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Apex Trader Funding (ATF) - News

Barron's Blackstone Real-Estate Fund Fully Met Withdrawal Requests in February

Blackstone’s big retail real-estate fund fulfilled all of its monthly withdrawal requests from investors in February, marking the first time it has been able to do so since late 2022.

The Blackstone Real Estate Income Trust, which has $60 billion in net assets after accounting for debt, said it received $961 million in withdrawal requests in February, according to a letter posted on the Breit website Friday morning. The withdrawal requests were down from $1.3 billion in January.

The Blackstone fund, known as Breit, caps withdrawal monthly disbursements at 2% of its net asset value, and at 5% of NAV per quarter. Barron’s estimates the limit in February was around $1.1 billion to $1.2 billion, enabling Breit to fully pay the $961 million in withdrawal requests.

Breit had limited monthly withdrawals from November 2022 through January 2024 as requests exceeded the monthly limits. Over that period, Breit paid out over $15 billion to its investor base. With the withdrawals, Breit shrunk to $60 billion in net assets from about $70 billion in early 2023.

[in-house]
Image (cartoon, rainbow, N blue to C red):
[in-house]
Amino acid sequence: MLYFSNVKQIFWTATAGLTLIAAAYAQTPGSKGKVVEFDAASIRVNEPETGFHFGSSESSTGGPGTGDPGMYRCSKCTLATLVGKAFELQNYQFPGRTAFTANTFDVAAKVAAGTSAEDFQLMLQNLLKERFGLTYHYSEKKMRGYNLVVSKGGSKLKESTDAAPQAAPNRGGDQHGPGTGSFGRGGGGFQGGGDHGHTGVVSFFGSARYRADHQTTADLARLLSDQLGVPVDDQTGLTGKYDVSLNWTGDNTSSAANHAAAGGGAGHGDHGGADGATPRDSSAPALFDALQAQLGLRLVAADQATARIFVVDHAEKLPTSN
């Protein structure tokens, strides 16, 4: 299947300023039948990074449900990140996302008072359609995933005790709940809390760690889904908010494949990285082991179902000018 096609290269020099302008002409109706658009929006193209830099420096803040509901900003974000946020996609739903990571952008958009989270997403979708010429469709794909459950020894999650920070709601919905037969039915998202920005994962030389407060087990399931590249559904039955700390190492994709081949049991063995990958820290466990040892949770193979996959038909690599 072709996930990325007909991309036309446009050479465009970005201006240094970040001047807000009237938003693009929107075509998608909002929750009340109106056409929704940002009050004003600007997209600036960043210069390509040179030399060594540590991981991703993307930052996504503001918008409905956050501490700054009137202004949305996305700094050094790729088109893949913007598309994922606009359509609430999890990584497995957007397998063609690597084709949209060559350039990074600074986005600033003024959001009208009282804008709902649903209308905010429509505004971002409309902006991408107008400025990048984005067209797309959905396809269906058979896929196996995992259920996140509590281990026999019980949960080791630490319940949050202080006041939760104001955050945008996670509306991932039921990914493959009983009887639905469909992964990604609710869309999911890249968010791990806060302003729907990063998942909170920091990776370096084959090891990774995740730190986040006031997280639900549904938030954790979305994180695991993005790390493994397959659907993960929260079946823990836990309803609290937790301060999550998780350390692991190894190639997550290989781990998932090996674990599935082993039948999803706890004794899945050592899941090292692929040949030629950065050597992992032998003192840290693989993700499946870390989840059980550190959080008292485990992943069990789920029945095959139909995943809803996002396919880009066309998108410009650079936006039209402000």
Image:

Breit is a nontraded real-estate investment trust that relies on the fund itself to provide liquidity to investors. It has a semiliquid structure which is designed to protect the Breit investor base by providing orderly payouts to investors, and avoiding sizable sales of assets. 

In a statement, Breit said: “We could not be more proud that this structure has worked as intended to both prevent a liquidity mismatch and maximize long-term shareholder value.”

Breit invests primarily in rental housing—including apartments and student housing—and warehouses. 

Newsletter Sign-up It has generated 10.5% annualized returns since its inception in 2017 based on its largest share class, more than two times the annualized return of the Vanguard Real Estate exchange-trade fund, which holds a broad mix of REIT shares. 

In 2023, Breit did lag the Vanguard ETF, which returned about 12% compared with a loss of 0.5% for Breit’s largest share class.

“Our differentiated portfolio continues to benefit from secular demand tailwinds and is concentrated in high-growth sectors, including data centers, warehouses and student housing, and in fast-growing Sunbelt markets,” Breit said Friday.